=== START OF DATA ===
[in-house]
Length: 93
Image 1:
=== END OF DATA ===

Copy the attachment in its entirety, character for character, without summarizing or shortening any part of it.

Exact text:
[in-house]
Length: 93
Image 1: